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Paper title High-Resolution Vessel Wall MRI in Ruptured Cranial Dural Arteriovenous Fistulas
Paper code P46
Authors
  1. Samuel Sommaruga Geneva University Hospitals (HUG) Speaker
  2. Branden Cord Yale University School of Medicine Speaker
  3. Corrado Santarosa Geneva University Hospital
  4. Jacky Yeung Yale University School of Medicine
  5. Michele H. Johnson Yale University School of Medicine
  6. Ryan Hebert Yale University School of Medicine
  7. Philippe Bijlenga Hôpitaux Universitaires de Genève HUG
  8. Karl Schaller HUG Hôpitaux Universitaires Genève
  9. Charles Matouk Yale University School of Medicine
Form of presentation Poster
Topics
  • Joint SSNR | SSNS
Abstract text Aims:
High-resolution MR vessel wall imaging (MR-VWI) is increasingly being used to characterize intracranial vascular diseases, specifically, we have demonstrated its utility in identifying the site of rupture in aneurysmal SAH. Here we report our preliminary experience in using MR-VWI to pin-point the site of hemorrhage in ruptured intracranial dural arteriovenous fistulas (dAVFs).

Methods:
A series of seven successive patients presenting to a single institution with ruptured cranial DAVFs underwent classical imaging including non-contrast CT, CT-angiography, and digital subtraction angiography. Additionally, they also underwent high-resolution MR-VWI. Cross-section imaging was correlated with DSA and vascular substructures of each DAVF (i.e. venous varix, fistulas point, associated aneurysms) were evaluated for the presence of vessel wall enhancement and contiguity of hemorrhagic blood products.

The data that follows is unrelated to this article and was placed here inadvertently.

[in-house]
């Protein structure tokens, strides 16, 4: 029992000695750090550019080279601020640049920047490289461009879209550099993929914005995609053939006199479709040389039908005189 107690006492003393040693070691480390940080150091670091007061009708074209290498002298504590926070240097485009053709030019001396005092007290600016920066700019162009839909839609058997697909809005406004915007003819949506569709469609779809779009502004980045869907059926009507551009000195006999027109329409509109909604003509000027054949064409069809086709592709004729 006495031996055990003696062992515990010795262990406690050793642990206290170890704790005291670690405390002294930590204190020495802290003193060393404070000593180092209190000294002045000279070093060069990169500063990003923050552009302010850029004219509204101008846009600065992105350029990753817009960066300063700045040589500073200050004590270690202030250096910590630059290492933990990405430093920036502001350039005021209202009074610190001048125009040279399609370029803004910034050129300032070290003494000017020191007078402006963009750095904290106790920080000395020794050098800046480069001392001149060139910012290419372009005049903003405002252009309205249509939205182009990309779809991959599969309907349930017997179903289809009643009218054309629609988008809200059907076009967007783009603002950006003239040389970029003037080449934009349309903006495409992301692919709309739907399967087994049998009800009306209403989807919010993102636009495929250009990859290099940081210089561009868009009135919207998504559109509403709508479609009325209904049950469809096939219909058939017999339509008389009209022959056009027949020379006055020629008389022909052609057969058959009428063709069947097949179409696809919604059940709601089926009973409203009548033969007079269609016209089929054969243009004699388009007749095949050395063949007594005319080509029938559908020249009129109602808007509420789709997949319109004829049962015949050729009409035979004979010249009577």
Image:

Results:
In four of seven patients presenting with ruptured DAVF, high-resolution MR-VWI sequences demonstrated a single focal point of robust vessel wall enhancement that was in immediate contiguity with hemorrhagic blood products. Notably, the vascular substructures demonstrating enhancement are known to be prone to hemorrhage (i.e. venous varix). In patients with multiple high-risk substructures (multiple venous varix and associated aneurysm), only a single structure demonstrated enhancement. In the remaining three patients presenting with ruptured DAVF without macrovascular sub-structures, high-resolution MR-VWI delineated the relationship between the blood product and the arterialized veins, but was insufficient to conclusively identify a site of rupture.

Conclusions:
These cases extend our prior work using MR-VWI to identify the site of rupture in aneurysmal SAH to another intracranial vascular lesion, ruptured DAVFs. They provide proof of principle that the site of rupture in more complex intracranial vascular lesions can be identified by locating the portion of the DAVF that is both contiguous with the hematoma, and demonstrates thick vessel wall enhancement. The accurate identification of the ruptured vascular substructure may inform clinical decision-making.